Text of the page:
The election of Donald Trump and the rise of populism in various other Western democracies is a salutary warning to Canadian policy-makers. As we are beginning to see with the burgeoning Western separatist movement – the so-called “Wexit” – it cannot be assumed that Canada is immune to these same forces.
But what are the causes of rising populism? What can policy-makers do to make our politics more responsive to people to whom populism might appeal? Canadian politics must be more oriented to answer these questions if we are to avoid the populist disruption and polarization observed elsewhere.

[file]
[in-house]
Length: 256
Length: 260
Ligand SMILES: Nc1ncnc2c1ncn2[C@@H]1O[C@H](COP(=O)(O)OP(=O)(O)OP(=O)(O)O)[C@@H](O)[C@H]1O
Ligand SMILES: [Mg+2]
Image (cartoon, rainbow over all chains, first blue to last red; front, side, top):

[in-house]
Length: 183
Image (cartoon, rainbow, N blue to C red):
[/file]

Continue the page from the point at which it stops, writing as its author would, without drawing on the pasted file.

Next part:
In the Macdonald-Laurier Institute’s first paper in its Real Jobs for Real People series, titled “Forgotten People and Forgotten Places: Canada’s Economic Performance in the Age of Populism,” Sean Speer seeks to answer these important questions.